NOM has backed civil unions in the past, in New Hampshire, but this is the first time they’ve announced support for a marriage equality referendum.
Since the amendment, if passed, would remove anti-discrimination protections for gays and lesbians, it would seem to pose some constitutional problems at the very least. The Supreme Court addressed the taking away of anti-discrimination protections in Romer v. Evans, and they’re considering the issue again now in the Prop 8 case. Laurel Ramseyer at Pam’s House Blend suggests that the bill is a “poison pill” bill and an attempt to persuade legislators who don’t want to take a position on marriage equality to back an amendment that voters would have to approve.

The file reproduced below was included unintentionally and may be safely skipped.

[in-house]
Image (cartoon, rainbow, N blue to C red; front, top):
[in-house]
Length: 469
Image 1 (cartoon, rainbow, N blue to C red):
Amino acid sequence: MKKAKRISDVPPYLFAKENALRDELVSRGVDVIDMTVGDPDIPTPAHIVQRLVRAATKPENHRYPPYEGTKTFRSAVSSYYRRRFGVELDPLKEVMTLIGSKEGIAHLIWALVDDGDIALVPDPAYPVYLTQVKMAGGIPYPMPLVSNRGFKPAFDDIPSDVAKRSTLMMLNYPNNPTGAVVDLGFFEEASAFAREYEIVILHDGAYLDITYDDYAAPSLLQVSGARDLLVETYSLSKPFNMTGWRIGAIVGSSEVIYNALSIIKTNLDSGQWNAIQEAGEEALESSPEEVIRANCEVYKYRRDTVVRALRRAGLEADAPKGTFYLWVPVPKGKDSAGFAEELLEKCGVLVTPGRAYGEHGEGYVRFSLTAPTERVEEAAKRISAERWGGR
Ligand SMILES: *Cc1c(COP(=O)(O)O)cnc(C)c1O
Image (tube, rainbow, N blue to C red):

Also in NOM news, yesterday, the Associated Press ran a story about the family diversity of Supreme Court Justices. The story suggested that the family backgrounds of all the Justices are diverse: two Justices (Thomas and Chief Justice Roberts) raise adopted children, some have no children, and some were never married. Since the Court is going to hear cases related to marriage and families in less than two weeks, the report discussed what impact that diversity might have on the Justices’ views.
The chairman of the National Organization for Marriage, John Eastman, told the AP that Chief Justice Roberts’ decision to adopt children rather than to have biological children and raise them was the “second-best” option. He mentioned Roberts by name. Later, Chris Johnson at the Washington Blade (who is attending CPAC this week) asked NOM’s president Brian Brown about the comments, and Brown didn’t respond directly.